Uganda suspends more than 50 rights groups, citing non-compliance
Authorities say the decision was made because the NGOs failed to comply with legislation covering their activities.
Authorities in Uganda have suspended more than 50 civic groups for allegedly not complying with regulations, dealing a blow to hundreds of thousands of people who directly benefit from the organisations’ activities.
The suspensions, which target agencies ranging from rights watchdogs to women’s groups, were announced on Friday by the government’s Non-Governmental Organization Bureau.
“We have halted their operations,” the bureau’s Chairman Steve Okello said.
The suspensions take “immediate effect” and will be enforced, the NGO Bureau said in a statement.
It said the measures were taken in response to the groups’ violation of myriad regulations, including operating with expired permits, failing to file accounts, or failing to register with the authorities.
Prominent rights group Chapter Four Uganda and election observer group CCEDU are among 15 facing indefinite suspensions.
The government’s action will renew fears of an assault on civil society that grew before a charged presidential election earlier this year. Many of the affected groups have been in limbo for months, unable to carry out their regular activities after authorities suspended operations of a leading donor known as the Democratic Governance Facility, or DGF.
“Unfortunately, in our failing democracy, anything can happen,” said Dickens Kamugisha, whose AFIEGO group that advocates good energy governance is among those suspended. “This is all part of the political harassment of citizens and the NGOs.”
He said he expected the suspensions to happen sooner after the DGF’s troubles, as well as multiple attacks on the offices of civic groups seen as critical of the government.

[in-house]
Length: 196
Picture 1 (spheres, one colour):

DGF was launched in 2011 by Denmark, Sweden, Ireland, Austria, Norway, the Netherlands, the United Kingdom, and the European Union as a five-year programme to support government and non-governmental groups working to promote human rights, strengthen democracy and improve accountability.
Renewed in 2018 and with offices in the Danish embassy in Kampala, the capital, the fund says it aims to encourage Uganda to be a country “where citizens are empowered to engage in democratic governance and the state upholds citizens’ rights”.
Some of the organisations ordered to close had also taken part in an election-monitoring operation on polling day in January, which was raided by security forces with several of their leaders arrested.
The election saw President Yoweri Museveni returned for a sixth term in office after a violent campaign marked by the harassment and arrest of opposition figures, attacks on the media, and the deaths of several dozen people.
Chapter Four executive director Nicholas Opiyo confirmed his group received the government’s order to close and described the situation as “serious”.
Museveni, a US ally who has held power since 1986, has repeatedly accused unnamed Western nations and groups of interfering in the internal affairs of the East African country.
Museveni won the January 14 polls with 58 percent of the vote while his closest rival, the singer and lawmaker known as Bobi Wine, had 35 percent, according to official results.
Bobi Wine, whose real name is Robert Kyagulanyi Ssentamu, claims he won the election and Museveni’s victory was fraudulent.